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Clif Knight

Chasing our Christmas tree 

By Clif Knight 

The Christmas season remains the favorite time of the year at our house, even though all three of our children are living away, pursuing their own careers and raising families of their own.  

Their three daughters, our granddaughters, are adults with careers in education and medical technology.  

The family’s youngest, most daring and most fun-loving member is Layla Fullerton, a second-grader at Crestline Elementary School.  

Fortunately, we’re all north Alabamians who are able to spend quality time together during the holidays, on family vacations and on other special occasions.  

At our ages, staying on track with where we store things for safekeeping is not something we’re doing very well.  The storage of Christmas decorations seems to be a troublemaker every year. After a week of searching, we’re still missing our pre-lit artificial Christmas tree.  

After taking down the tree and packing it back in its original shipping carton a few days after Christmas 2020, I remember storing it in either the upstairs attic or in the storage unit we rent from Roberts Storage. I looked in the storage unit first and was unable to spot it because of all the clutter.  

After a few days of thinking, I tried looking in the attic. It wasn’t there either. I backed off checking out the stairway closet because I already know how difficult it is to find anything in that packed space.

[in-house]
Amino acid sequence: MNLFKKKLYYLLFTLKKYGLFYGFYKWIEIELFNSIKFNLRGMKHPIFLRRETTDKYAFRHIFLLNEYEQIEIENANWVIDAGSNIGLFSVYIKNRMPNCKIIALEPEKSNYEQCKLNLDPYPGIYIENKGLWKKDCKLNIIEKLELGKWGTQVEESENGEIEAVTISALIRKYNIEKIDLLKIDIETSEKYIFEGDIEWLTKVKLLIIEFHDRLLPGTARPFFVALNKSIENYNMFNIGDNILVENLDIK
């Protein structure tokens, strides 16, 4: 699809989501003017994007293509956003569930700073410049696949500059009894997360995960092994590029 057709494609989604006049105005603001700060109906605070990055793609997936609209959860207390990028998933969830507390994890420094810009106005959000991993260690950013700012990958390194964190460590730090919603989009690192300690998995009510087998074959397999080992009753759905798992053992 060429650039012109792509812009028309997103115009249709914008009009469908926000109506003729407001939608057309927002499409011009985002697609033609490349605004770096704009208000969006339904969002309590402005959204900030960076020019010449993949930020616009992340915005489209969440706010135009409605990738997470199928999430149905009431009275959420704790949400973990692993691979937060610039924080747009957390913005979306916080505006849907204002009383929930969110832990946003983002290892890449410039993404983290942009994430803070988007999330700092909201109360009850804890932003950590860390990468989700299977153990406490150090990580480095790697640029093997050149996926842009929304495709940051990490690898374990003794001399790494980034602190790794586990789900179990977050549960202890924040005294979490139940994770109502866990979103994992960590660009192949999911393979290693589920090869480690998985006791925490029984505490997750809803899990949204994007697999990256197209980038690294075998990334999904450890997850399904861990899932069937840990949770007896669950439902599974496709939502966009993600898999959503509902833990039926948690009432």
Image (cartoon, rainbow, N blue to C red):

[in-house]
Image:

Another trip to the storage unit looks like my next best bet. This time I’ve asked Geanell to give me a hand, just in case other stored items have to be moved out of the way to get a better look.  

The fact that we have Christmas décor stored in three different locations, including outdoor wreaths and lights that we no longer use, has me thinking I might be better off to vacate an unused upstairs bedroom and use it for nothing but holiday decorations. 

I’m also reminded of how few Christmas decorations we had in the house where we lived as a farm family 75 years ago. The center of attention was a homegrown cedar tree us boys found, cut down with a handsaw and dragged home to be set up in the bedroom of our parents. The tree had no lights. It was decorated with hand-made ornaments, a dozen store-bought colored glass balls, a 10-cent pack of silver tinsel and a golden plastic star. 

The tree was taken down and thrown away the day after Christmas. The glass balls and plastic star were stored in a shoebox and reused the next year.